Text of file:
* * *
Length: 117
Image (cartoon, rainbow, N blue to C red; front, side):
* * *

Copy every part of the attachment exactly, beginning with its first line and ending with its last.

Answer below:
Length: 117
Image (cartoon, rainbow, N blue to C red; front, side):